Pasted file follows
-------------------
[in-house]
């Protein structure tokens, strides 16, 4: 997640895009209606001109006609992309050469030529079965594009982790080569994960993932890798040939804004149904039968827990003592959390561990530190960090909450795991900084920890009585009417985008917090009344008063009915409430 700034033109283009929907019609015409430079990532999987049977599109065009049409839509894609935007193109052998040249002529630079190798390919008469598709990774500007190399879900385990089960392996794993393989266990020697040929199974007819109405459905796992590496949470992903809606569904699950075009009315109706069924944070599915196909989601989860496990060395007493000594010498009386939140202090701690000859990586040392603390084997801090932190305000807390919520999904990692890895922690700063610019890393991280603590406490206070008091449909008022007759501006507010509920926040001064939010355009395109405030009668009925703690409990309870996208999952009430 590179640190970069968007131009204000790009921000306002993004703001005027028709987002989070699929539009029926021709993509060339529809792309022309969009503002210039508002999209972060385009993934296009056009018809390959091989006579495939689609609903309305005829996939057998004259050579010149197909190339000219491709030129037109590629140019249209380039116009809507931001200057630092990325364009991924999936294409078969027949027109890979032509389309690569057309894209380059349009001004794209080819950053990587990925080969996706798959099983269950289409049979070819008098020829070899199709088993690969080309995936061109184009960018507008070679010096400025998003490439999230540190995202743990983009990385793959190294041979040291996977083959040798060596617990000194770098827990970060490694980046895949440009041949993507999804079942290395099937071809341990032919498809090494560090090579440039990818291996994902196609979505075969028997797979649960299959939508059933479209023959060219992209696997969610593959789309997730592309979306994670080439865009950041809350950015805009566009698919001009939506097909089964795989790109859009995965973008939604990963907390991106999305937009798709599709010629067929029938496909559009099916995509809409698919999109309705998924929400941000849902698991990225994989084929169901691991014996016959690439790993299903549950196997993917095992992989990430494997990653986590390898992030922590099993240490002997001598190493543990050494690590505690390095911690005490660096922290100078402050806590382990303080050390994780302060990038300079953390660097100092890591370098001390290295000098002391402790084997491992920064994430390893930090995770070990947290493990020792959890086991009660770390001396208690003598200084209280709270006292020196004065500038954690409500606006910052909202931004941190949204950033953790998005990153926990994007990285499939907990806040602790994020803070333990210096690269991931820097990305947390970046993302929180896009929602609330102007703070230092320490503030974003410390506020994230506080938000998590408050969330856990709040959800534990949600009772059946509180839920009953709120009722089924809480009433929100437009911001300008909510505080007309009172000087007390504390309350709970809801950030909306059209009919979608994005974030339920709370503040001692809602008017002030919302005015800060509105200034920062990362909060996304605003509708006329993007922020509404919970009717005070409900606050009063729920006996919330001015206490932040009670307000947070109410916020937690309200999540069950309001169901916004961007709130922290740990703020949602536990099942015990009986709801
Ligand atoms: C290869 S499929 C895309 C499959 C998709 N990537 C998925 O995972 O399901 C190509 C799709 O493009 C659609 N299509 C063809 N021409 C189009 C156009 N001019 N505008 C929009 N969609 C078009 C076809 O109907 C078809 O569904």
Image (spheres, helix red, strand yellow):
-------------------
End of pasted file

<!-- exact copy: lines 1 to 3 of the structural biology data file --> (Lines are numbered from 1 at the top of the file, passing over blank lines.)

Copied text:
[in-house]
């Protein structure tokens, strides 16, 4: 997640895009209606001109006609992309050469030529079965594009982790080569994960993932890798040939804004149904039968827990003592959390561990530190960090909450795991900084920890009585009417985008917090009344008063009915409430 700034033109283009929907019609015409430079990532999987049977599109065009049409839509894609935007193109052998040249002529630079190798390919008469598709990774500007190399879900385990089960392996794993393989266990020697040929199974007819109405459905796992590496949470992903809606569904699950075009009315109706069924944070599915196909989601989860496990060395007493000594010498009386939140202090701690000859990586040392603390084997801090932190305000807390919520999904990692890895922690700063610019890393991280603590406490206070008091449909008022007759501006507010509920926040001064939010355009395109405030009668009925703690409990309870996208999952009430 590179640190970069968007131009204000790009921000306002993004703001005027028709987002989070699929539009029926021709993509060339529809792309022309969009503002210039508002999209972060385009993934296009056009018809390959091989006579495939689609609903309305005829996939057998004259050579010149197909190339000219491709030129037109590629140019249209380039116009809507931001200057630092990325364009991924999936294409078969027949027109890979032509389309690569057309894209380059349009001004794209080819950053990587990925080969996706798959099983269950289409049979070819008098020829070899199709088993690969080309995936061109184009960018507008070679010096400025998003490439999230540190995202743990983009990385793959190294041979040291996977083959040798060596617990000194770098827990970060490694980046895949440009041949993507999804079942290395099937071809341990032919498809090494560090090579440039990818291996994902196609979505075969028997797979649960299959939508059933479209023959060219992209696997969610593959789309997730592309979306994670080439865009950041809350950015805009566009698919001009939506097909089964795989790109859009995965973008939604990963907390991106999305937009798709599709010629067929029938496909559009099916995509809409698919999109309705998924929400941000849902698991990225994989084929169901691991014996016959690439790993299903549950196997993917095992992989990430494997990653986590390898992030922590099993240490002997001598190493543990050494690590505690390095911690005490660096922290100078402050806590382990303080050390994780302060990038300079953390660097100092890591370098001390290295000098002391402790084997491992920064994430390893930090995770070990947290493990020792959890086991009660770390001396208690003598200084209280709270006292020196004065500038954690409500606006910052909202931004941190949204950033953790998005990153926990994007990285499939907990806040602790994020803070333990210096690269991931820097990305947390970046993302929180896009929602609330102007703070230092320490503030974003410390506020994230506080938000998590408050969330856990709040959800534990949600009772059946509180839920009953709120009722089924809480009433929100437009911001300008909510505080007309009172000087007390504390309350709970809801950030909306059209009919979608994005974030339920709370503040001692809602008017002030919302005015800060509105200034920062990362909060996304605003509708006329993007922020509404919970009717005070409900606050009063729920006996919330001015206490932040009670307000947070109410916020937690309200999540069950309001169901916004961007709130922290740990703020949602536990099942015990009986709801
Ligand atoms: C290869 S499929 C895309 C499959 C998709 N990537 C998925 O995972 O399901 C190509 C799709 O493009 C659609 N299509 C063809 N021409 C189009 C156009 N001019 N505008 C929009 N969609 C078009 C076809 O109907 C078809 O569904």